I said it was a dandelion week here, didn’t I? Didn’t I? I sure did.
This recipe is a quick post that’s really a repost of my original pesto recipe. This time, however, you’re using dandelion greens in place of the basil. Yes, those little spiky green leaves probably growing in your (hopefully untreated) yard. Mmmm.
But how will that taste, you ask?
Well, it won’t taste like basil. Dandelion greens have a range of tastes for different people, and at different stages of maturity. I’ve heard everything from “peppery” (like arugula) to “very bitter” (frankly, like overmatured arugula). If you’re not a fan of bitter greens, the key is to harvest young, smallish, tender dandelion greens to reduce the bitterness factor. The bigger and more mature the dandelion, the bitterer the green.
No matter what, you’re going to get a stronger flavor than, say, lettuce, but that’s a good thing, especially for pesto. I actually prefer mine to be on the bitter side, as that flavor is massively tamed by the addition of oil, nuts, and salty goodness. In fact, I save the tenderer, younger greens for salads, as their more delicate flavor can get lost in oily pesto.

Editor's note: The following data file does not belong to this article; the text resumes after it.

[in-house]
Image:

As always, follow the rules for safe and sustainable foraging when gathering dandelions for this recipe. Thankfully, dandelions are pretty good for starter foraging – they’re easy to identify, and their most common lookalikes are also edible and/or medicinal. Remember to wash them thoroughly before using!
Let’s pesto. Oh, do let’s!
Use anywhere you’d use basil pesto - it’s delicious!
you will need:
- 2 c dandelion greens (the leaves, to be precise, with any white stalky parts near the core removed), rinsed with cool water and drained
- ½ c olive oil or other light oil
- ½ c shredded parmesan cheese
- 2 tbsp toasted nuts (such as walnuts, pine nuts, pecans, or hazelnuts)
- salt and pepper to taste
- Combine the dandelion greens, nuts, and parmesan in the bowl of a food processor with the blade attachment. Process until a smooth, homogeneous paste forms, about 30 seconds to 1 minute, depending on the strength of your food processor.
- With the processor running on low, slowly drizzle the olive oil into the greens mixture until homogeneous and smooth. Yay, pesto!